Nicholas McGuffin, the subject of this week's 20/20, was convicted of manslaughter in 2011

By Chris Harris
February 27, 2020 04:08 PM
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For nearly a decade, Nicholas McGuffin sat behind bars in an Oregon prison, insisting he had nothing to do with his girlfriend Leah Freeman’s 2000 disappearance and slaying.

From the very start, the Oregon man, now 37, maintained his innocence, telling local authorities in 2008 he would never have killed the 15-year-old girl. However, police and jurors did not believe him, and in 2011, McGuffin was convicted of manslaughter and sentenced to 10 years.

McGuffin — who was 18 at the time of Freeman’s death — wouldn’t be cleared of the killing and freed until late 2019, when his conviction was overturned with the help of the Forensic Justice Project, an Oregon-based non-profit focused on combating the misapplication of forensic science.

For the first time since regaining his freedom, McGuffin opens up in an interview set to air during the upcoming 20/20, airing on ABC from 9 to 11 p.m. ET. (An exclusive clip is shown above.)

In the clip, McGuffin’s mother, Kathy McGuffin, recalls being at work on Dec. 17, 2019 when her son, who was scheduled for release the following August, asked her if she could pick him up that night.

“It was about 2:30,” Kathy starts. “Nick calls me and he says, ‘I am getting released tonight. Can you be here at 7?’ and I said, ‘Sure.'”

“It was unbelievable that it had finally happened,” she continues. “When we drove up to the prison, there’s Nick with all his wonderful people from the Forensic Justice Project. I think that was the first time I had cried in a long time. I had tears in my eyes. It was wonderful seeing him, knowing he was free.”

Nicholas McGuffin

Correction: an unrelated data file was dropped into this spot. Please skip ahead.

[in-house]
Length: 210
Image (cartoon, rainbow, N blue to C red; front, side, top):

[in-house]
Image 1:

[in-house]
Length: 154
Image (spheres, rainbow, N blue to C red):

Brayfield/The World via AP

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Prior to McGuffin’s release, a judge had reversed his conviction after the revelation that the Oregon State Police crime lab failed to disclose that another man’s DNA has been found on Leah’s shoes.

Malheur County Circuit Senior Judge Patricia Sullivan ruled that vital evidence could have led to an acquittal in the case.

Prosecutors maintain they tried the right person for Leah’s murder. They could’ve appealed the overturned sentence or tried McGuffin again for the killing, but opted against it, feeling they wouldn’t be able to get another conviction, reports The Oregonian.

Freeman vanished back on June 28, 2000, after leaving a friend’s house in Coquille. One of her shoes was found by a nearby cemetery that same night. Her body was recovered five weeks later down a steep embankment. Determining a cause of death was impossible because the body was in an advanced state of decomposition.

In the clip above, McGuffin speaks about the moment before he stepped back into the free world.

“It was overwhelming to be waiting to be released, knowing that was the last time I was every going to have to be in a place like that,” he explains.

The 20/20 episode on McGuffin’s case will feature interviews with McGuffin’s friends, his trial attorney, and the investigators and prosecutors who helped put him away.

Again, 20/20 airs this Friday, February 28, from 9 to 11 p.m. ET on ABC.